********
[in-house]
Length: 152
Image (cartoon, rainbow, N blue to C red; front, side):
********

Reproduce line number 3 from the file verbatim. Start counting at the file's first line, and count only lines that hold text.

Image (cartoon, rainbow, N blue to C red; front, side):